Sue owns a restaurant and has an employee run to Walmart to pick up lettuce because they ran out. On the way to Walmart, the employee causes an accident. Because the employee was performing work related duties, the people who were hit can look to the restaurant for payment for the damages. Sue’s hired and non-owned liability would cover at this point.

Little White Lies in Insurance

Deceitful Words for Cheaper Rates:

A common misconception that insured’s have is that they can lie to the insurance company or their agent and get away with it while paying a lower premium for their insurance. Most people will “forget” the number of tickets, accidents and claims they have had within the last five years. This is why, at RCI Insurance Group, we pull everyone’s Motor Vehicle Report (M.V.R.) and Comprehensive Loss Underwriting Exchange (C.L.U.E.) report. The M.V.R. report shows the insurance company any tickets or accidents, even those accidents that are not at fault. The C.L.U.E. report shows claims that have been made on your auto policy and on your home. This report shows such claims as hail damage to your roof or your car, hot water tank burst causing water damage, an auto collision with another object or person, and anything that has happened to your home or cars that your insurance has paid to fix or replace. When you misrepresent information on your insurance policy and you have a claim, the claim can be denied when the company finds out about the wrong information and you will not get paid for your loss.

When it comes to your life insurance application, insurance companies have access to the following: paramedical exam records, doctor’s records, pharmaceutical database searches, credit reports, motor vehicle reports, and autopsy reports. So misrepresenting your annual income, current health, family health history, tobacco and drug use, or even the fact that you have depression could result in the cancellation of your policy.

In conclusion, just remember that an insurance policy is a contract of Utmost Good Faith: Each party is entitled to rely upon the representations of the other.

  • The insured tells the truth regarding material facts expecting the insurer to fulfill promise to pay any covered loss.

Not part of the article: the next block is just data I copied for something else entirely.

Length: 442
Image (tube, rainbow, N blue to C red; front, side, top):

Remember: Deceitful Words for Cheaper Rates up front will lead to MUCH higher costs in the long run.

Should Price Be The Deciding Factor?

How many times have we gone to the purchase something and we’ve bought solely on price? I’m a big offender in that area. However, I’m learning that not everything that is the cheapest is the best deal.  This certainly applies in insurance as well.

There have been numerous times, we’ve had potential clients come into our office and say they want a quote on their Oklahoma Home Insurance or their Oklahoma General Liability policy. When our agents get to talking with the client about why they’re looking for a new quote or agent, we hear all too often that their premium is just too high. I understand that we’re in a bit of a business slump right now and things may be starting to look up in certain areas, but as a whole, most people are still struggling. Price does matter, but it shouldn’t be the deciding factor.

Example, we had a client that had a homeowner’s policy with us for many years. Their premium went up $100 for the year. This averages out to less than ten dollars a month in additional premium. If your agent is providing a great policy, is it really worth it to move your established policy to another company and agent with less coverage? Usually, it’s not.

Another example, we had a client that had been with our agency again for numerous years.  He was a great client that loved our agency and what we had to offer. He knew he had several great policies and he was well covered. His premium increased several $1000 in one year. Unfortunately, we were not able to find another company in our agency that was comparable to what he had originally. He did find another agent and company elsewhere and had to move. He was said to leave our agency and told our agents how much he loved being with RCI Insurance but he just couldn’t afford that much of an increase. He still refers potential clients to our office.